It’s been a while since I offered you the benefit of my extremely limited knowledge of computers. Actually, I say that, but, as a freelance writer, novelist, researcher, etc, my computer has been the primary tool of my trade for many years, and I think I’ve learned a fair bit. I have never had to call in outside help for any computer problems. The worst mishap was a Google redirect virus that was, by all accounts, so tough to cure that I ended up doing a destructive recovery of my computer.
All other problems have been rectified by searching for answers on Google, and there is no shortage of good information out there if you spend enough time looking. That, or I have taken my computer apart and had a little tinker with the insides. I have to say, though, that’s not recommended unless you are at the point of throwing it out in disgust. A couple of months back, my DVD/CD writer was failing to open and was grinding nastily, so I took it out of the casing, took it to bits, cleaned out the dust and sprayed the internal mechanisms with WD40 (I’m not kidding), then dried it and put it back together. It’s perfect now.
Most recently, I became weary of the sluggish operation I had been putting up with for years. For freelance writers who may need to swap between various pages of Google for research, while using Word and perhaps listening to some music, the smooth and fast operation of your primary tool is essential. My computer had been freezing and generally lagging in everything it did. It was virus-free, with an ordered registry, a clean cache, and fully defragmented, yet it was behaving like a retard.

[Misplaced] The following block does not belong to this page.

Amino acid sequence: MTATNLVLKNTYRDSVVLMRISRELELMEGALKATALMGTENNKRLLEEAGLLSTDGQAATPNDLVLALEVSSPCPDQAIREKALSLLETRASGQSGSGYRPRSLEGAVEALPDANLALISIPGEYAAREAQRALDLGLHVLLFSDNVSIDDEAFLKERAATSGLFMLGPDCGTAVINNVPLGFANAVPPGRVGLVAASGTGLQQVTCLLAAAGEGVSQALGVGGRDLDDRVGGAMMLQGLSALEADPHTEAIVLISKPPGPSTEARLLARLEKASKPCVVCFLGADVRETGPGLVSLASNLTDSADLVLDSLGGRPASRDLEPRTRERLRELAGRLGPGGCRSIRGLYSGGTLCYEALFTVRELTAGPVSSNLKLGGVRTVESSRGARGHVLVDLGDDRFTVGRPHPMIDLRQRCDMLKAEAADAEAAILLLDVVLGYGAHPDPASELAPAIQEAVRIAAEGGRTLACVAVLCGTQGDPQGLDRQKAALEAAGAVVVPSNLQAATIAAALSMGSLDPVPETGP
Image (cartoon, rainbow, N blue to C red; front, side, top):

If you hadn’t already guessed, I’m still on Windows XP. After the debacle that was Windows Vista, I decided that until something positively proven came along, I would stay with what is a perfectly friendly operating system that doesn’t stick its oar in at every opportunity. I don’t need my computer second-guessing if I really want to perform the simplest of actions. I have a human brain. A human brain designed the computer. Ergo I am more intelligent than my computer. (I accept that theory sort of breaks down at the point where I start spraying WD40 at its highly sophisticated mechanism.) And, yes, I know Windows 7 is very good, but that’s not taking into account my reluctance to part with any money.
If computers were really that smart, they would not offer just two alternatives – yes or no – when checking if you really want to do something. There would be a screen, much like in Windows Messenger, and I would type in “Yes, why d’you ask?”
I particularly dislike computers when they get all melodramatic. “A fatal error has occurred.” Oh, shit, am I going to die or is the computer? Then there’s the ominous message that reads: “Your computer has performed an illegal operation.” What the hell? Has it skipped off to surf Texas Bob’s Gun Emporium while I wasn’t watching and ordered me up a Mac-10 submachine gun? It’ll never get through Spanish customs. (It probably would, actually.) On the whole, us freelance writers are an artistic, gentle bunch; I don’t need the Guardia Civil crashing through my window at 3 o’clock in the morning. Of course, for a computer, “illegal operation” usually just means a conflict between a program and a software driver. Whatever it means, the less I’m aware of my computer when I work, the happier I am and the earlier I finish.
So, back to the plot. The bog-standard XP is pretty slow, and it’s all down to RAM – Random Access Memory. Basically, this is the computer’s capacity to multitask. Small RAM means that when you want to perform several actions at once, it starts behaving like a hillbilly who’s been asked to do more than play Duelling Banjos and dribble saliva.
My RAM was 500 MB. Modern computers are anything from 3 GB upwards. Being a tight-wad, I opted not to splash out hundreds upgrading to a Windows 7 machine. Instead, I searched online for extra RAM modules, bought a couple of 1GB modules from an online shop (you need the exact match for your computer), stuck them in the spare RAM slots and effectively gave myself a new computer. The whole process took two minutes, including taking the side panel of my machine. I expect Windows 7 is still faster, but my XP is now every bit as fast and glitch-free as I need it to be. And it cost me £40 not £500.
If, like me, you are a miserly freelance writer with an old machine, just upgrade your RAM.